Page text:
|Member of the U.S. House of Representatives|
from Kansas's 4th district
March 4, 1919 – March 3, 1933
|Preceded by||Dudley Doolittle|
|Succeeded by||Randolph Carpenter|
|Born||July 4, 1879|
|Died||January 30, 1949 (aged 69)|
Born in Marion, Kansas, Hoch graduated from Baker University, Baldwin, Kansas, in 1902. He attended George Washington Law School, Washington, D.C., and Washburn Law School, Topeka, Kansas, from which he graduated in 1909.
He served as clerk and chief of the Appointment Division in the United States Post Office Department, Washington, D.C. from 1903 to 1905. He was private secretary to the Governor of Kansas (Edward Wallis Hoch in 1907 and 1908. He engaged in the practice of law in Marion from 1909 to 1919 and was editor of the Marion County Record newspaper. He served as delegate to the Republican National Convention in 1928.
Hoch was elected as a Republican to the Sixty-sixth and to the six succeeding Congresses (March 4, 1919 - March 3, 1933). He was an unsuccessful candidate for reelection in 1932 to the Seventy-third Congress. He served as member and chairman of the State Corporation Commission of Kansas 1933-1939.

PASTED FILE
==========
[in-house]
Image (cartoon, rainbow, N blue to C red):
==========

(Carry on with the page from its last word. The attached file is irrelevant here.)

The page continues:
Hoch was elected a member of the Kansas Supreme Court in 1938. He was reelected in 1944 and served until his death in Topeka, January 30, 1949. He was interred in Highland Cemetery, Marion, Kansas.
- United States Congress. "Homer Hoch (id: H000669)". Biographical Directory of the United States Congress.
- Media related to Homer Hoch at Wikimedia Commons
This article incorporates public domain material from the Biographical Directory of the United States Congress website http://bioguide.congress.gov.
|U.S. House of Representatives|
| Member of the U.S. House of Representatives
from Kansas's 4th congressional district
March 4, 1919 - March 3, 1933